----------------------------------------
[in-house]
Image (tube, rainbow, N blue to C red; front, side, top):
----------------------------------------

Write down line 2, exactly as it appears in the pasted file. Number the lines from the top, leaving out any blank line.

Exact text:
Image (tube, rainbow, N blue to C red; front, side, top):